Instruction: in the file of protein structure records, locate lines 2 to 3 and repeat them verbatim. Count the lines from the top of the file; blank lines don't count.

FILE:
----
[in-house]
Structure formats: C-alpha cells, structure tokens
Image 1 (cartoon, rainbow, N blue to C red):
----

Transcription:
Structure formats: C-alpha cells, structure tokens
Image 1 (cartoon, rainbow, N blue to C red):